Bacchus, Sunday night.

Bacchus was wild.

We were not prepared for just how wild.

Okay, so we’re not completely oblivious.  Breesus was presiding as King, so we knew it was going to be a mad-crazy event.  The Saints homecoming parade drew the biggest parade crowds of any event, ever, according the local media.

We volunteered to work the school parking lot (a block off of Napoleon, which is the street where the parade was to begin).  Though the Archdiocese demanded a hefty sum of 50% for us to use the parking spaces the school rents from them (ahem) it is always worth it to help our little nonprofit school bring in funds, so of course we wanted to help.  At first, the plan was for me to bring the kids home after the morning parades for nap and let Paul walk up to the school.  But the fun of the morning put us into some sort of ecstatically-impaired state of mind where our sensibilities left us completely.  We threw the ladders and wagon and bags and signs and kids into the truck and illegally rolled ourselves slowly down back streets until we arrived at the school.

Then the plan was to meet up with friends who we knew were on the route and let the kids run around until parade time (it was still more than 2 hours before the parade start time).  Paul would work parking until right before the parade and then join us. In a normal situation, this would work perfectly.  Except that it was Bacchus and the people were already DOZENS deep.  The streets were already filled with Mardi Gras mess, and the people were Very Serious about their tent cities.

Thank goodness we found Emmy and the kids — and thank goodness that her friends, Erin and Chuck, were kind enough to 1. share the space; 2. help watch the kids, and 3. accommodated Will, who instantly fell in love with their adorable baby boy and tried multiple times to fold him up and put him in his pocket (Honestly though, who could blame Will? That kid is great.)   Chuck masterfully maneuvered our ladder and wagon in with the mix so that all the kids could sit up safely — nearly eye-level with many of the riders — allowing them to see and keeping them safe from the crowds.  I stood beside on a step stool, often with one of the kids standing with me, talking to the kids and keeping an eye on the straps and bars (I get a little freaked out when the kids get antsy.)  Still, the crowd was so tight that one man held on to the side of my step stool to keep from getting shifted too much in the jostling crowd.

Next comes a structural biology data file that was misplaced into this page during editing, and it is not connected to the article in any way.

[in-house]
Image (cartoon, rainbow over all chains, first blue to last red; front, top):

Or, maybe because he wanted to be that close to the view of my rear-end, depending on your perspective.

Despite the crowd, it was a fun night.  The energy was amazing and for the most part, the people were all friendly and thoughtful.  Another child in the crowd joined into an open seat in our ladder set-ups (another unwritten rule — when you have open seats, you ask other families if their kids want up — one more small child out of the crowd lets us all breathe easier) and he was hilarious.  (“Here are your guesses for the next float, Ms. Holly.  A porcupine, a giant heart with letters, or chickens in a pot of soup.”)

The parade itself was mostly standard fare of floats and parades and riders — with added coolness of confetti, search lights into the night sky, and several “mega” floats pulling dozens of riders with several connected units.  Combined with the incredible crowd, it was sort of breath-taking to be there.  Especially at the start of the parade.